But if we teach hard, there will be complaints. The tests are long; kids need a break. What say we revise it so kids who aren't tested come to school later? Then classes can commence with fresh minds. Yes, the buses could accommodate for every level.

MizAnn Joyland
MizAnn Joyland

Not in my school. We are readimg an assigned novel and preparing for final exams.

Jennifer Hall
Jennifer Hall

Not in our elementary school. We are still teaching, working on fun projects that support learning, and engaging kids! Cherokee County Schools rock!

Tim Langan
Tim Langan

PS - Any extra time at the end of the year could be dedicated to typing classes. One of the most useful classes I took in high school...or some home ec type classes about check books, interest, credit (and the pitfalls of credit cards etc).

Nailah L. Worthams
Nailah L. Worthams

I agree. Typing was one of the most useful and beneficial things I learned my senior year of school.

Tim Langan
Tim Langan

My kids in middle and high school (6th, 8th, 10th grade) have finals exams for most their classes this week and next. No movie watching going on except in a couple select classes (now when they were in elementary school, the last week & half was like going to camp!)

Regel Jackson
Regel Jackson

Most teachers that I've known would agree that testing should be moved to later in the school year. Those same teachers also teach through the end of the last full week of school and don't just show movies. This editorial was written by a high school upper class man taking AP courses. Once the exams are done, that course is effectively over by its very nature and definition. The author says as much.

Kira Willis
Kira Willis

But how would Kelly Services get them graded in time to send back before final grades are due?

Dana Sulecki Crawford
Dana Sulecki Crawford

Teachers teach until state testing and once that is over so are they. It's a waste!!

TeachSS
TeachSS

GA SB364 states that for 2017-2018, end of year testing should only take the place the last two weeks of school. Hopefully, this will help, if local boards heed their advice.


Angela Battaglia Dean
Angela Battaglia Dean

Testing is a huge scheduling nightmare. Extended times on Milestones that go beyond what we did with EOCTs or even what we now do with SLOs for non Milestone classes wreck havoc on the school day. I don't believe there is research out there that states longer assessments are more valid, but for some reason with the implementation of the new standards, the testing length grew. I'm with this kid-I'm also a proponent for these to take place during allotted exam days and only take an hour and a half start to finish.

Lexie Kennedy Clutter
Lexie Kennedy Clutter

My school tested the week of April 18th and we STILL haven't gotten ours back. I thought it was supposed to be a two week turnaround. Was I wrong?

Beach Bound2020
Beach Bound2020

Wow - this young man is a truly inspirational.  I do believe every teacher in the world would love to have students like him wanting to work each day, every day.  Alas, the problem I see here has nothing to do with the standardized test schedules, especially for AP as they have to take into account the entire nation when scheduling dates, but rather with his teachers.  There is always more to learn - lifelong learning is the best approach to success.  Why isn't someone holding his teachers accountable for designing year end learning experiences that are enriching, exciting and allow for students to apply the learning from the year?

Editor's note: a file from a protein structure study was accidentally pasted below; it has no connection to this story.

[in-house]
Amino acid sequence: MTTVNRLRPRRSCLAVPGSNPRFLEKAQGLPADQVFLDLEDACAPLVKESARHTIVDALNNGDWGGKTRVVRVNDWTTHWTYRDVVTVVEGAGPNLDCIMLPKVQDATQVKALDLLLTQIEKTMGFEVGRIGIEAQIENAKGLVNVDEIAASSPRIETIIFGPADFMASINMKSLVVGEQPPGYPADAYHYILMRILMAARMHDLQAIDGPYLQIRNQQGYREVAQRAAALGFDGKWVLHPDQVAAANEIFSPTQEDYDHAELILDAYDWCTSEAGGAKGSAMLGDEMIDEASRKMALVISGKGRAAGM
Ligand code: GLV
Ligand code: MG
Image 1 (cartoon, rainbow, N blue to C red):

Andrew, I would not blame you for feeling hesitant in asking, but I'd love for you to ask your teachers or principal about this and let us know what they say.  And if nothing else, see if you can be excused from the movie to go to the media center and do some independent research.  I wish you the best, you seem like a gem.

Page Lassiter
Page Lassiter

The later the Milestones the greater the chance that the scores won't come back until the school year is finished.

heyteacher
heyteacher

The testing season is a HUGE challenge.  Half of my classes are absent on any given day for testing, and it's never an entire class (or the same students). We are supposed to keep students in the rooms and quiet (because other students are testing) but since you only have half a class it's virtually impossible to assign anything meaningful.  We can't access the internet (because of testing) so doing any kind of end of the year research project or report is impossible. As an English teacher, I hand my kids a novel to read and discuss the assigned reading with whoever might show up that day --I'd love to do some kind of hands on experience or elective class but the logistics of that in a large high school would be problematic. Finally, quite a few teachers are showing movies because they are pulled to test students so there is a sub in the regular classroom -- nothing you give a sub to do in May is going to get done so keeping the non-testers in the room with a movie is often the only solution. 

HIbought theRefs
HIbought theRefs